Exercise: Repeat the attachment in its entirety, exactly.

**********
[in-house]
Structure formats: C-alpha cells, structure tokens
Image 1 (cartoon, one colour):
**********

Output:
[in-house]
Structure formats: C-alpha cells, structure tokens
Image 1 (cartoon, one colour):